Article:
with Lebanese and international activists and supporters.
The sponsorship system in Lebanon means that migrant workers’
immigrant status in the country is dependent on them working for a
single employer who is legally responsible for them. As a result the
majority of domestic workers live as well as work in their employers’
homes “for their own protection,” leaving them subject to human rights
abuses. These commonly include confiscation of their passports and other
papers, restriction of movement — the majority of employers do not
allow workers to leave the house or even make phone calls — late payment
or even non-payment of wages, no restriction of working hours, as well
as physical, sexual and verbal abuse.
The system makes it extremely difficult for migrant workers to seek
legal aid. They are not allowed to leave the country or change employers
without consent from their sponsors, who often demand enormous sums of
money to return their documents. If they leave their employer, even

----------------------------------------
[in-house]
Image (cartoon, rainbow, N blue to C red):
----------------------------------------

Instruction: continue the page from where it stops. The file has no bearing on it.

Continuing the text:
under abusive conditions, they automatically lose their immigration
status in the country because the kafala system legally binds them to their sponsor.
Workers from a large number of communities came together to promote
their common cause in Sunday’s march, carrying signs which read “Stop
human trafficking of migrant workers in Lebanon,” “When will we start
criminalizing racism?” and “Workers not slaves.”
“The migrant workers make an important contribution to society and to
the individual households,” said Pendaline Pinero, a Filipina community
leader. “Their work should be recognized by the government. They should
be part of the labor law.”
The atmosphere in Sunday was festive, as crowds gathered to watch
traditional dances, eat, drink and celebrate the attendance at the
peaceful protest.
In spite of the difficulties they face, however, the domestic workers
attending Sunday’s event were the lucky ones — those who have time off
and are allowed to spend it outside their employers’ houses.
A 2011 report on human trafficking
in Lebanon by non-governmental organization and women’s rights group
KAFA, quoted excerpts of telephone interviews with domestic workers
unable to leave the house, many of whom are still working in Lebanon,
but unable to attend events such as Sunday’s march.
“I cannot leave my employer’s house and I cannot even call my
family,” one Filipina worker told KAFA, while an Ethiopian worker said:
“I was beaten by my first sponsor and sexually harassed by the next one.